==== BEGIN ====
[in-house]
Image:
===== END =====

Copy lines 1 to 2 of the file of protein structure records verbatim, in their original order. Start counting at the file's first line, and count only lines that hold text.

[in-house]
Image: